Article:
Jesse Jackson Ups the Ante in|Ebola Patient’s Treatment

      DALLAS (CN) – The man with the first domestic case of Ebola died this morning, the day after the Rev. Jesse Jackson and a Dallas County commissioner said the man may have been turned away by a Dallas hospital because he is black and lacks insurance.
     Texas Presbyterian Hospital in Dallas announced by email this morning that Thomas Eric Duncan died at 7:51 a.m.
     Duncan, 42, had been in isolation in the hospital for 10 days.
     Jackson led a prayer vigil Tuesday outside of Texas Health Presbyterian Hospital Dallas with the family of Thomas Duncan, who arrived in Dallas from West Africa on Sept. 20 to get married.
     Duncan became ill and was sent home from the Presbyterian on Sept. 26 with only antibiotics. He was admitted to the hospital two days later after developing symptoms consistent with Ebola . His family has been quarantined.
     Duncan apparently caught the deadly disease after helping an ill, pregnant woman to the hospital in Liberia in the days before his departure.
     Appearing at the request of Duncan’s family, Jackson blasted hospital officials for “sending Ebola back into the community.”
     “Poor, African, without insurance, given a cursory examination. The signs of Ebola were evident,” Jackson said at a press conference. “From West Africa – it’s most rapid right now in Liberia, Sierra Leone and Guinea – and without health insurance. He was sent back into the community. It did not give him the thorough exam he deserved.”
     Jackson implied that Texas’ response to Duncan would have better if state leaders had not opposed Obamacare.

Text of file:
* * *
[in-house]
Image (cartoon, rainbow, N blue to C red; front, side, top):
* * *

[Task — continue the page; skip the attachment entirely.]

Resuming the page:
“Maybe the fact that Southern states from Virginia around to Texas rejected Affordable Care, rejected $100 billion and Medicaid, there would no doubt be a better infrastructure for poor people all across Texas and the South,” Jackson said.
     “It’s strange to me the South would accept money for airports and highways and seaports but not for medicine for the poor.”
     At the Dallas County Commissioners Court meeting Tuesday morning, Commissioner John Wiley Price shared the same suspicion.
     He called the issue of race in Duncan’s case the “elephant in the room.”
     “We know why what happened at Presbyterian happened. It’s historically what has happened in this community,” Price said. “If a person who looks like me shows up without any insurance, they don’t get the same treatment.” Price is African-American.
     Dallas County Judge Clay Jenkins said Price’s concerns are “a fair question” and that an “exhaustive look” will be taken.
     A county judge in Texas is not a judicial office, but the head of the County Commission, analogous to another state’s chairman of a county board of supervisors.
     Presbyterian officials were quick to deny the allegations.
     “He was treated the way any other patient would have been treated, regardless of nationality or ability to pay for care,” the hospital said on Facebook. “We have a long history of treating a multi-cultural community in this area.”
     Presbyterian has faced a wave of criticism about why Duncan’s travel history did not set off red flags that would have prevented his release during his first visit.
     “Mr. Duncan succumbed to an insidious disease, Ebola. He fought courageously in this battle,” Presbyterian said in a statement. “Our professionals, the doctors and nurses in the unit, as well as the entire Texas Health Presbyterian Hospital Dallas community, are also grieving his passing. We have offered the family our support and condolences at this difficult time.”
     Jenkins said his thoughts were with Duncan’s friends and family, “especially his fiancée Louise, their son Karsiah and all those who loved him.”
     “We are also thinking of the dedicated hospital staff who assisted Mr. Duncan daily while he fought this terrible disease,” he said in a statement. “We offer prayers of comfort and peace to everyone impacted by his passing.”

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